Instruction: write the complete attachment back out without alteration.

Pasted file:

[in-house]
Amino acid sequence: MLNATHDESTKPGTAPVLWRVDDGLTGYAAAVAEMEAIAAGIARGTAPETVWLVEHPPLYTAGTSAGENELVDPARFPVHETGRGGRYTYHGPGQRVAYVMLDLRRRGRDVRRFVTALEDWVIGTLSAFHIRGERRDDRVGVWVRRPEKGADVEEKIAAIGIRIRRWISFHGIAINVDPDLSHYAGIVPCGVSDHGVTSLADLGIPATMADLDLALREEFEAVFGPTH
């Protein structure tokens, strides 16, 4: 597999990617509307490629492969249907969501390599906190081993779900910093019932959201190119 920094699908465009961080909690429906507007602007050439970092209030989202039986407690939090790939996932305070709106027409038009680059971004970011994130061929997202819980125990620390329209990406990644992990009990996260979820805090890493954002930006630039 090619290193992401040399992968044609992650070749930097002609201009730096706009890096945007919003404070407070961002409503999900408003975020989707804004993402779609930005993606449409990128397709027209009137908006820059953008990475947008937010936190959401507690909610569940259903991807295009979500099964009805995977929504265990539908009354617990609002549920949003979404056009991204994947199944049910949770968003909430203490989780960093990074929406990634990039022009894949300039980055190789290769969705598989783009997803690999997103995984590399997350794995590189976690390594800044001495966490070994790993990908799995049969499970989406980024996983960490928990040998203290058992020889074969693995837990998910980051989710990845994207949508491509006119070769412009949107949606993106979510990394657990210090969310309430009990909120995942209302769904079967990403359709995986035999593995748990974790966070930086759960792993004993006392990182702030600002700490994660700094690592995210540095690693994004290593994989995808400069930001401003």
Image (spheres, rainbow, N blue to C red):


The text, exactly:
[in-house]
Amino acid sequence: MLNATHDESTKPGTAPVLWRVDDGLTGYAAAVAEMEAIAAGIARGTAPETVWLVEHPPLYTAGTSAGENELVDPARFPVHETGRGGRYTYHGPGQRVAYVMLDLRRRGRDVRRFVTALEDWVIGTLSAFHIRGERRDDRVGVWVRRPEKGADVEEKIAAIGIRIRRWISFHGIAINVDPDLSHYAGIVPCGVSDHGVTSLADLGIPATMADLDLALREEFEAVFGPTH
């Protein structure tokens, strides 16, 4: 597999990617509307490629492969249907969501390599906190081993779900910093019932959201190119 920094699908465009961080909690429906507007602007050439970092209030989202039986407690939090790939996932305070709106027409038009680059971004970011994130061929997202819980125990620390329209990406990644992990009990996260979820805090890493954002930006630039 090619290193992401040399992968044609992650070749930097002609201009730096706009890096945007919003404070407070961002409503999900408003975020989707804004993402779609930005993606449409990128397709027209009137908006820059953008990475947008937010936190959401507690909610569940259903991807295009979500099964009805995977929504265990539908009354617990609002549920949003979404056009991204994947199944049910949770968003909430203490989780960093990074929406990634990039022009894949300039980055190789290769969705598989783009997803690999997103995984590399997350794995590189976690390594800044001495966490070994790993990908799995049969499970989406980024996983960490928990040998203290058992020889074969693995837990998910980051989710990845994207949508491509006119070769412009949107949606993106979510990394657990210090969310309430009990909120995942209302769904079967990403359709995986035999593995748990974790966070930086759960792993004993006392990182702030600002700490994660700094690592995210540095690693994004290593994989995808400069930001401003």
Image (spheres, rainbow, N blue to C red):